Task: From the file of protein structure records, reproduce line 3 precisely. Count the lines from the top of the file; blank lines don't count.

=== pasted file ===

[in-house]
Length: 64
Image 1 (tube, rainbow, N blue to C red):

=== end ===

Image 1 (tube, rainbow, N blue to C red):